Sunday, September 1, 1996

Trumpeter Natalo Paella to Perform

Natalo Paella
Guest Artist Natalo Paella
Trumpet
One of Boston's best known free-lance trumpet players, Natalo Paella, will be the guest soloist at the Concord Band's Fall Concert on Saturday, October 26th at 51 Walden in Concord. Mr. Paella's illustrious career includes performing for 15 years with the Boston Pops and Esplanade Orchestras under the direction of the late Arthur Fiedler, as well as the Boston Symphony Orchestra under the batons of Pierre Monteux, Charles Munch, Leonard Bernstein and Erich Leinsdorf.

For 26 years, Mr. Paella was principal trumpet at the Boston Colonial Theater, playing for such musicals as A Chorus Line, Porgy and Bess, Man of La Mancha, Annie, and many others. He has played back-up for Sammy Davis, Jr., Lena Horne, Rosemary Clooney, Sergio Franchi, Jack Jones, and the stars of the Lawrence Welk show under the direction of Myron Floren.

Until his retirement as Professor Emeritus, he was a full professor at the University of Massachusetts at Lowell, specializing in Studio Trumpet, Brass Pedagogy, Brass Ensembles, and Studio Jazz Orchestra. He attended the Eastman School of Music and the US Navy School of Music, and was a scholarship student in the Berkshire Tanglewood Orchestra. He earned a Bachelor of Music Degree from Louisiana State University and a Master of Music from the New England Conservatory.

With the Concord Band, Mr. Paella will be performing the Sachse Concertino for E♭ trumpet and brass band and Concertino for Band by Frank Erickson. With any luck, the audience may be able to prompt an encore or two out of him!

Friday, March 1, 1996

Jazz Great Phil Wilson to Appear at Spring Pops

Guest Artist Phil Wilson
Trombone
This year's Spring Pops Concerts should be swinging affairs when legendary jazz trombonist Phil Wilson takes the stage as the Concord Band's guest artist. Phil is an internationally renowned musician who has performed with such jazz greats as Louis Armstrong and Woody Herman. He initially came to prominence as first trombonist and jazz soloist with the early '60's edition of Woody Herman's "swinging herd." Wilson recorded 12 albums during his stay with the Herman Band. After 3 years with Herman, Phil joined the Dorsey Brothers Band. In 1965 after nine exhausting years of bus tours and one-night stands, he accepted a faculty position at Berklee College of Music in Boston.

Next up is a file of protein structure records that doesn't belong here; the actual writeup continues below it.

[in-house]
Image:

During his thirty years at Berklee, Phil has established himself as one of the pioneers of jazz education. In addition to being a world-class trombonist and jazz educator, Phil is known throughout the jazz world as a first-class composer and arranger. His arrangement of the Joe Zawinul hit, Mercy, Mercy, which was recorded by the Buddy Rich Band, won him a Grammy Award nomination.

Monday, January 1, 1996

Work by Thomas J. McGah to be Premiered

Thomas J. McGah
Composer
In keeping with its long tradition of commissioning new works for concert band, the Concord Band will be presenting the world premier of Reflections of Emerson, a new composition by Boston composer Thomas J. McGah. A professor of composition at the Berklee College of Music in Boston, McGah has published many works in a variety of genres, including several compositions for concert band commissioned by the MIT Symphonic Band. McGah's new work is a unique composition for narrator and concert band based on writings of the great 19th century author Ralph Waldo Emerson, who lived in Concord for many years. Concord Band Music Director, Dr. William McManus, conceived the idea of commissioning a new work based on the writings of Concord authors, and the Band's Board of Directors was successful in obtaining a grant from the Massachusetts Cultural Council to support the project.

The new composition is a single movement work with five distinct sections, separated by excerpts from Emerson's writings. McGah has attempted to compose a piece to reflect musically the meaning of Emerson's words. The excerpts from Emerson's writing were selected by the composer. In the introduction to the piece, McGah says to the audience: "Let us listen and reflect upon four excerpts from Emerson's writings and ask ourselves the following–Is Ralph Waldo Emerson a man whose words speak to us 'moderns', or do his ideas and beliefs belong only to the past?"

Thomas McGah has been a member of the Berklee faculty since 1973. He holds memberships in a number of professional and musical organizations, including the Society of Composers; the International Alban Berg Society; and the American Society of Composers, Authors, and Publishers (ASCAP).

Follow by Email